Erin Zhu and Blixa Bargeld, December 2008
I read a piece in the paper about the way that Blixa Bargeld and Einstürzende Neubauten were able to survive by fan subscription, thus avoiding the traditional perils of the music industry. I sent an email request for an interview to Blixa through the band’s Web site and was surprised to receive a reply from his wife, Erin Zhu, who pointed out that as the webmaster for the site she was responsible for most of the design decisions that they had made as they developed an Internet-based model of direct fan financing.
Einstürzender Neubauten in performance
Blixa, former guitarist with Nick Cave and the Bad Seeds, leads this innovative industrial Goth-rock band from their base in Berlin. Band members work with whatever ready-made scrapheap objects they can find to act as musical instruments, hence the label industrial rock. The band has survived for decades, but even with an expanding and loyal fan base, Blixa was unable to support the expenses of production using the conventional contract system with record companies, so he and Erin developed a new economic model based on subscriptions from fans, bypassing the traditional music business.
Industrial Rock using metal tubes as instruments
The breakthrough came when Erin said that they should go directly to the fans for contributions toward the next album. This simple idea has worked for three iterations of new material. In return, supporters have had more intimate access to the band, with webcam views of rehearsals and recording sessions; the opportunity to comment in real time online through a moderator; and access to one another through the chatroom on the Web site. The first time that they did this they created an album, the second time an album and a DVD just for the supporters, and the third time an album for the supporters plus a smaller version for the public, a DVD for the supporters, and a monthly track to download. By this time they had expanded to 2,500 supporters. Thank you, fans of the band! Here’s another (as well as Pandora) way to give hope to impecunious musicians. How ingenious of Erin to realize the potential of a subscription model enabled by the Internet—and thoughtful of Blixa to see that the community of fans could be rewarded by closer connections to the performers.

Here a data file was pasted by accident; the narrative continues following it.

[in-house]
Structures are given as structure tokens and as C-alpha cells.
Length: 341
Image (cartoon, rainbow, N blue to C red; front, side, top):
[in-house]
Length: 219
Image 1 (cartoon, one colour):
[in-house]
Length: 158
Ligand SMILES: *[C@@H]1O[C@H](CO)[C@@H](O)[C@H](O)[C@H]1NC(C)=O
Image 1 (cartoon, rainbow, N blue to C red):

Blixa has his eye on you!
Blixa likens this subscription model to the tradition established for books, where members of book clubs purchase work in advance of publication. He is also interested in the evolution of formats and the way they influence musical structures, with the twenty-minute session dictated by the vinyl long-playing record and the short pop song coming from the 45. How will the unstructured possibilities of the Internet influence change? Perhaps the design will relate to people instead of formats. Erin sees a future with an infinite virtual library of music in the cloud, accessed by subscription from any device that is connected to the Internet.